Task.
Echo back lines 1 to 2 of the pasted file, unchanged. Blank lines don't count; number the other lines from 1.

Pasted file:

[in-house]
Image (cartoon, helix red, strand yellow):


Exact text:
[in-house]
Image (cartoon, helix red, strand yellow):